Greek Letters.  Mostly, Greek letters are letters you know with a few other letters that are easy to learn. The Greek letters used are almost all capital letters so you don't need to learn lower-case letters as well. The shapes and sounds of most look like English letters. You recognize these: 
A, B, E (usually shaped like this: Є), Z, I, K, M, N, O, and T. 

Letter shapes:  Some of the shapes sometimes differ somewhat from ours.

The letter A usually has, instead of a level crossbar, a V- crossbar:     There is a second "A" in the next image.
N is sometimes  Һ  (shaped a bit like our lower-case n, but with a longer vertical on the left). Here is TAN (part of the name ConsTANtinus) 
T sometimes has a curl across the bottom. See the image of "TAN" just above.  


B is sometimes written b (which is no problem).
M is usually square, but sometimes rounded (also, no problem): 


Tiberius II, 578-582
A follis. 31 mm. 12.39 grams.
Year 7 (6+1) which is 580/1.

 

This uncial m is most common under Tiberius II.

Sear 430



Greek Letters as Numerals.   Dated coins usually have officina letters (numbers) A, B, Γ, Δ, Є, Greek for 1 through 5.  Most of the other Greek letters Page 1 noted that "M" for 40, "K" for 20, and "I" for ten are common. "Λ" for 30 is uncommon.

Γ is gamma, our G, and it is 3 as a numeral.


Officina Γ  (= 3) below the middle of the M
on a year XIII = 13 coin of Justinian (527-565)
minted at Antioch after it was renamed Theopolis
ΘYΠO abbreviating "Theopolis" in Greek.
ThUPOlis
Large. 39 mm. 20.77 grams. (This image is smaller than proportional.)

The obverse legend is 
DN [Dominus Nostrum, our lord]
IVSTINI-ANVS
PP   [PerPetuas] AVG
Sear 218.

 

 

The fascinating story of Antioch being renamed Theopolis and its many different mintmarks is told here

Δ is delta, our D, and it is 4 as a numeral.


Justin I, 518-527.
Follis. 32-30 mm. 16.42 grams.
Officina
 Δ (= 4) [below the middle of the M]
CON for Constantinople.


Sear 63.
 

 

Rare denominations and their mints

Thessaloncia. The mint of Thessalonica (on the Greek coastline northeast of Athens) issued some unusual denominations under Justinian including a 16-nummus piece.


Justinian, 527-565.
18 mm. 5.44 grams. 
"S" is a Greek symbol for "6". With "I" for "10", this coin is a 16-nummus piece. 
A  P on either side with various symbols above the I. This one has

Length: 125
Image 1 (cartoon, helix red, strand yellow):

• H .

TЄS  for Thessalonica.

Sear 180. 

 

 

There is a rare "H" piece for 8-nummus.

Justinian, 527-565.
17-16 mm. 2.50 grams. 
8-nummus. 
H, with A P on either side.

This example is in poor condtion.

Sear 192A. Thessalonica. 


The 4-nummus piece has a large
 Δ for 4.

Justinian (527-565)
4-nummus. 14 mm. 1.63 grams.
Δ    A P either side
Sear 194. Thessalonica.

 

 
Thessalonica also issued regular denominations.

Justin II and Sophia, 565-578
22-19 mm. 5.73 grams.
20-nummus. Year X = 10
at TES = Thessalonica
ΘC above, a second mintmark of Thessalonica, this time in Greek.

Sear 366.  Mint of Thessalonica.
It was a regular mint until 630 under Heraclius and became a mint again centuries later under Alexius I (1081-1118). Although each early emperor minted at Thessalonica, its coins are scarce and, unlike other mints, the 20-nummus denomination is much more common than the follis denomination which is rare.

 



Another Rare Denomination. Λ (lambda, our L) is Greek for 30.



A very ill-struck large 
Λ    (tilted and incomplete in this example)
with ANNO down the left and XX down the right.
Heraclius, 610-641. 27-24 mm. 8.89 grams.
Heraclius and Heraclius Constantine standing.
Officina Δ.
CON (obscure) in exergue.
Overstruck on a "M" coin as you can see on the reverse with the bottom of the M at 7:30 and its top at 1:30.


Sear 812. This type is never well-struck and the reason for issuing this denomination is a mystery. It is only known from years XX and XXI. 
 


Alexandria, Egypt. The mint of Alexandria was open (c. 525-646) from Justin I until early in the reign of Constans II (641-668) when it was lost to the Arabs. It did not use the follis and its fractions, rather its own denominations: 33-nummus (rare), 12-nummus (common), 6-nummus (scarce), and very rare 3-nummus and 1-nummus pieces.